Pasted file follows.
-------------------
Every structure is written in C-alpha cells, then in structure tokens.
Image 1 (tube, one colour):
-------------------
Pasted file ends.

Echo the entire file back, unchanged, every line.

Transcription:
Every structure is written in C-alpha cells, then in structure tokens.
Image 1 (tube, one colour):